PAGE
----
Tuesday 1 November 2016


As I share an office at The Institute with two women who a) work in Science b) have teenage children, I know rather a lot about the trials and tribs of teenagers today in school and at home. It's not so long ago that I was the proud 'owner' of two teenage daughters myself and have a certain empathy with these younger mothers. At least, with all the hormonal turmoil and self-discovery, Dau.I and Dau.II weren't subjected to the additional stress of school: peer-pressure, school dinners, weird dress-codes [ties, white shirts,tartan skirts], rigid time-tables, heads getting flushed in the toilet for not paying 'protection'. Being home educated, the girls could and did pursue projects that they cared about without caring whether they would do well on the exams or whether such a project would look good on the CV or help them get a better job. For main-stream kids in school, they have to game the system a little because they are given to believe that they need to go to college: 12 years of education is no longer, apparently, enough to get a job or find a useful place in society!  It's a bit different now from the 1930s when my father and Pat the Salt each left home at 14 to follow a life at sea.

One of the three PhD students in which I have had a part-share went to a perfectly reasonable school in Co Galway which, because of time-table, room and teacher constraints, allowed students to take Chemistry or Biology at Leaving Certificate. That would have put the kibosh on, or at least made it difficult to do, science at University. Therefore he and a pal registered for Biology classes and knocked off the Chemistry curriculum by themselves outside of school-time. I think he got an A in both subjects which says a) that he had smarts and application b) it was a long way from Science that the Chemistry curriculum was devised (if you can get top-gun grades by memorising the text-book).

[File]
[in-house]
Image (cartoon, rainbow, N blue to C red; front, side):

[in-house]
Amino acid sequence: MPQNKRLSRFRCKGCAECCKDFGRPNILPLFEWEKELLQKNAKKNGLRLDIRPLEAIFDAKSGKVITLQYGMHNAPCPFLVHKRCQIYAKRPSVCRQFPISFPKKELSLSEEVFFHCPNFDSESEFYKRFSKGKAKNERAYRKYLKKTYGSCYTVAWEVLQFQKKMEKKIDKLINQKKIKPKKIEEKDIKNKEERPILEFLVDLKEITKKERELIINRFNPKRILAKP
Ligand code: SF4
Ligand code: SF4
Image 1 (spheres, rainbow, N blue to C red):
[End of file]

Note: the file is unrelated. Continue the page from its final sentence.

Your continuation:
What about if you're not into science? Hard as it might be, as a young person in Ireland, to find a job in STEM, it is waaaay more difficult to earn a living from the Arts. But we need to allow all our citizens to live as close as possible to their true selves: it is the best way to build social capital. We are really losing sight of this in the Western World as $ € £ capital is increasingly seen as the only currency in the asylum. Since ever, we have had on the books a Leaving Certificate LC subject called Art.  Actually let's use this as an opportunity to display the bounds [N=34] of Irish Secondary education:
  • Languages group
    • English, French, German, Irish, Italian, Latin, Greek, Spanish, Arabic, Japanese, Russian, Classical Studies, Hebrew Studies
  • Science group
    • Applied Mathematics, Biology, Chemistry, Mathematics, Physics, (Physics and Chemistry)
  • Business studies group
    • Accounting, Business, Economics
  • Applied science group
    • Agricultural Science, Construction Studies, Engineering, (Home Economics), (Physics and Chemistry), Design and Communication Graphics
  • Social studies group